Who is the protagonist and antagonist in A Streetcar Named Desire?
Stanley Kowalski But any way you cut it, Stanley is still the play’s antagonist. He’s violent and, of course, enemy to our protagonist, Blanche. The scene where he hits Stella is evidence number one, and of course the rape is evidence both number one and two.
Why is Blanche the protagonist in A Streetcar Named Desire?
Blanche DuBois functions as the protagonist of A Streetcar Named Desire. Also because of Blanche, tension develops between Stanley and Stella, setting into motion Stanley’s aggression towards Blanche and his efforts to get her out of their lives—the central conflict of the play.
What is the relationship between Stanley and Blanche?
Blanche DuBois comes to New Orleans to her sister Stella married to rude and down-to-earth man Stanley Kowalski. Blanche and Stanley did not like each other from the very first second they met each other….Works Cited.
|Subjects||Literature American Literature|
|A Streetcar Named Desire|
How is Blanche the protagonist?
Because of Williams’s sympathy, Blanche becomes a tragic protagonist in A Streetcar Named Desire and transforms the play into a sort of allegory: Williams uses her plight to criticize the social circumstances that have both shaped her flawed persona and led to her demise.
Why is Stanley the antagonist in A Streetcar Named Desire?
Stanley Kowalski serves as the antagonist of A Streetcar Named Desire—both as a representative of the modern world that Blanche is, in her own words, “not hard or self-sufficient enough” for and as an individual. If all Stanley wanted was to have Blanche out of his house, he could have let her marry Mitch. …
Who is the villain in A Streetcar Named Desire?
Stanley’s most famous quote. Stanley Kowalski is the main antagonist in Tennessee Williams’ 1947 stage play A Streetcar Named Desire and its subsequent film adaptations.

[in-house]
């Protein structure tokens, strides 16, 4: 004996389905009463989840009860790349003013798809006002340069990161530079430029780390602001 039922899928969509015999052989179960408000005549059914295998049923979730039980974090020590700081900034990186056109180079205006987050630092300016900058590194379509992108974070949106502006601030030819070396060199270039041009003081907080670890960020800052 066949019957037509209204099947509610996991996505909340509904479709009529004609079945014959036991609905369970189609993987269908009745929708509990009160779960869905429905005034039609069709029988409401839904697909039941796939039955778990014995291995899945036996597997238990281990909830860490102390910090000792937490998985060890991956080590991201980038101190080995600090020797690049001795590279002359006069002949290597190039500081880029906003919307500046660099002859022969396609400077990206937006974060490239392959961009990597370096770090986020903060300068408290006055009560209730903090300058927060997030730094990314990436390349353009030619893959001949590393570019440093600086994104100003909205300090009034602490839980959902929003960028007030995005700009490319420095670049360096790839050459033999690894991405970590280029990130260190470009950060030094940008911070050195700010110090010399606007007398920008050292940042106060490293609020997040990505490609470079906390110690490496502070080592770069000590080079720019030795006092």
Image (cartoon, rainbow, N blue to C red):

WHAT DOES A Streetcar Named Desire symbolize?
The Streetcar Symbol Analysis Williams called the streetcar the “ideal metaphor for the human condition.” The play’s title refers not only to a real streetcar line in New Orleans but also symbolically to the power of desire as the driving force behind the characters’ actions.
Is Blanche a victim or a villain?
Blanche Dubois is the central victim of mistreatment even though she had tried to make Stanley the victim. She displays her self as fragile and moth like, dealing out her share of insensitivities that happened during her younger days.
Is Stanley a brutal thug?
Some will even go so far as to dislike this man intensely. But this dislike would stem from too much identification with Blanche. To the over-sensitive person, such as Blanche, Stanley represents a holdover from the Stone Age. He is bestial and brutal and determined to destroy that which is not his.
Is Stanley Kowalski a hero?
Audience members may well see Stanley as an egalitarian hero at the play’s start. He is loyal to his friends and passionate to his wife. Stanley possesses an animalistic physical vigor that is evident in his love of work, of fighting, and of sex.
Who are the main characters in A Streetcar Named Desire?
Read an in-depth analysis of Stella Kowalski. The husband of Stella. Stanley is the epitome of vital force. He is loyal to his friends, passionate to his wife, and heartlessly cruel to Blanche. With his Polish ancestry, he represents the new, heterogeneous America.
Who is Blanche DuBois Stella in A Streetcar Named Desire?
Blanche DuBois Stella’s older sister, who was a high school English teacher in Laurel, Mississippi, until she was forced to leave her post. Blanche is a loquacious and fragile woman around the age of thirty.
Who was Allan Grey in Streetcar Named Desire?
Allan Grey is Blanche’s late husband, whom Blanche thinks of with fond sadness. Described by Stella as “a boy who wrote poetry,” Allan had, in Blanche’s words “a nervousness, a softness and tenderness which wasn’t like a man’s.”
Why was Henry so cruel to Blanche in Streetcar Named Desire?
He is loyal to his friends, passionate to his wife, and heartlessly cruel to Blanche. With his Polish ancestry, he represents the new, heterogeneous America. He sees himself as a social leveler, and wishes to destroy Blanche’s social pretensions.